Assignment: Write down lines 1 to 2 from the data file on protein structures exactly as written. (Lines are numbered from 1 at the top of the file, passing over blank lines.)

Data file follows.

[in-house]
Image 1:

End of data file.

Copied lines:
[in-house]
Image 1: